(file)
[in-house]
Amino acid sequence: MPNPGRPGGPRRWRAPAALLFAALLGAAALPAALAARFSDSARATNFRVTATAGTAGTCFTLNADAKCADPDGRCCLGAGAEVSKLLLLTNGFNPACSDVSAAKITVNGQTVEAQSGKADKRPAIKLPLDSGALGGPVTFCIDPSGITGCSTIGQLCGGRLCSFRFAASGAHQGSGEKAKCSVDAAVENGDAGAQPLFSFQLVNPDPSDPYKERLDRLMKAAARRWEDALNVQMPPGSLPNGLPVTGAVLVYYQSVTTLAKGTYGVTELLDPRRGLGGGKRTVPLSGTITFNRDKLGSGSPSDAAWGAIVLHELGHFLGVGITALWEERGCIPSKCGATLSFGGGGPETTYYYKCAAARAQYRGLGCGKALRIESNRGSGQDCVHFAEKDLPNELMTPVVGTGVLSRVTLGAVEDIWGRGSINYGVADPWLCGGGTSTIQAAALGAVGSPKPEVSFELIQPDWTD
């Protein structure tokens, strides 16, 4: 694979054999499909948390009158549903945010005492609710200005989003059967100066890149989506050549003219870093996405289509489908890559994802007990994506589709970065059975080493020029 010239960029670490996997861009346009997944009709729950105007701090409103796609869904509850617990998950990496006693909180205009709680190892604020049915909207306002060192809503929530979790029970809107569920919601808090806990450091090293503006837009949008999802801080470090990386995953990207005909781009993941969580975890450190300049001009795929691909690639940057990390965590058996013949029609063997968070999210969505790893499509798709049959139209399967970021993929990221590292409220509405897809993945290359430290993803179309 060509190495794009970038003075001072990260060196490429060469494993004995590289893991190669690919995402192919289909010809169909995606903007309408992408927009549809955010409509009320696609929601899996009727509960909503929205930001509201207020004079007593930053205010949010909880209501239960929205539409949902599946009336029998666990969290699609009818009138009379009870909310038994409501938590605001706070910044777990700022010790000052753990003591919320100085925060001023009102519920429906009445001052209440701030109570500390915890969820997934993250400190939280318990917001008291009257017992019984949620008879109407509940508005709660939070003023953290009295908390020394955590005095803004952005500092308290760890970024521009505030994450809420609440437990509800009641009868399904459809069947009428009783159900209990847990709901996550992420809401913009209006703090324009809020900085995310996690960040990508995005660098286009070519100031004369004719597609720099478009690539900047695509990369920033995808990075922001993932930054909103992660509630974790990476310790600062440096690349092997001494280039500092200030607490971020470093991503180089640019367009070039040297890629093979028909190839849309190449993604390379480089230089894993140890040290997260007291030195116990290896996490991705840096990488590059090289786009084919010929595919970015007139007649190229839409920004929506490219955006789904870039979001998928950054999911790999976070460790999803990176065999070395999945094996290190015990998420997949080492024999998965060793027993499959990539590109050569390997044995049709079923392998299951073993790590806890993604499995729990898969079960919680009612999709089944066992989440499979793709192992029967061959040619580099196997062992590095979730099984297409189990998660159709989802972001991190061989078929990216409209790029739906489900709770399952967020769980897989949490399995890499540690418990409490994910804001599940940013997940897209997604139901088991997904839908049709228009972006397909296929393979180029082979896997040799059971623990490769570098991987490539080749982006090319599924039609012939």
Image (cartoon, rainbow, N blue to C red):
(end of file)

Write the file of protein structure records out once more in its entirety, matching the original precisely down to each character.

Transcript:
[in-house]
Amino acid sequence: MPNPGRPGGPRRWRAPAALLFAALLGAAALPAALAARFSDSARATNFRVTATAGTAGTCFTLNADAKCADPDGRCCLGAGAEVSKLLLLTNGFNPACSDVSAAKITVNGQTVEAQSGKADKRPAIKLPLDSGALGGPVTFCIDPSGITGCSTIGQLCGGRLCSFRFAASGAHQGSGEKAKCSVDAAVENGDAGAQPLFSFQLVNPDPSDPYKERLDRLMKAAARRWEDALNVQMPPGSLPNGLPVTGAVLVYYQSVTTLAKGTYGVTELLDPRRGLGGGKRTVPLSGTITFNRDKLGSGSPSDAAWGAIVLHELGHFLGVGITALWEERGCIPSKCGATLSFGGGGPETTYYYKCAAARAQYRGLGCGKALRIESNRGSGQDCVHFAEKDLPNELMTPVVGTGVLSRVTLGAVEDIWGRGSINYGVADPWLCGGGTSTIQAAALGAVGSPKPEVSFELIQPDWTD
């Protein structure tokens, strides 16, 4: 694979054999499909948390009158549903945010005492609710200005989003059967100066890149989506050549003219870093996405289509489908890559994802007990994506589709970065059975080493020029 010239960029670490996997861009346009997944009709729950105007701090409103796609869904509850617990998950990496006693909180205009709680190892604020049915909207306002060192809503929530979790029970809107569920919601808090806990450091090293503006837009949008999802801080470090990386995953990207005909781009993941969580975890450190300049001009795929691909690639940057990390965590058996013949029609063997968070999210969505790893499509798709049959139209399967970021993929990221590292409220509405897809993945290359430290993803179309 060509190495794009970038003075001072990260060196490429060469494993004995590289893991190669690919995402192919289909010809169909995606903007309408992408927009549809955010409509009320696609929601899996009727509960909503929205930001509201207020004079007593930053205010949010909880209501239960929205539409949902599946009336029998666990969290699609009818009138009379009870909310038994409501938590605001706070910044777990700022010790000052753990003591919320100085925060001023009102519920429906009445001052209440701030109570500390915890969820997934993250400190939280318990917001008291009257017992019984949620008879109407509940508005709660939070003023953290009295908390020394955590005095803004952005500092308290760890970024521009505030994450809420609440437990509800009641009868399904459809069947009428009783159900209990847990709901996550992420809401913009209006703090324009809020900085995310996690960040990508995005660098286009070519100031004369004719597609720099478009690539900047695509990369920033995808990075922001993932930054909103992660509630974790990476310790600062440096690349092997001494280039500092200030607490971020470093991503180089640019367009070039040297890629093979028909190839849309190449993604390379480089230089894993140890040290997260007291030195116990290896996490991705840096990488590059090289786009084919010929595919970015007139007649190229839409920004929506490219955006789904870039979001998928950054999911790999976070460790999803990176065999070395999945094996290190015990998420997949080492024999998965060793027993499959990539590109050569390997044995049709079923392998299951073993790590806890993604499995729990898969079960919680009612999709089944066992989440499979793709192992029967061959040619580099196997062992590095979730099984297409189990998660159709989802972001991190061989078929990216409209790029739906489900709770399952967020769980897989949490399995890499540690418990409490994910804001599940940013997940897209997604139901088991997904839908049709228009972006397909296929393979180029082979896997040799059971623990490769570098991987490539080749982006090319599924039609012939």
Image (cartoon, rainbow, N blue to C red):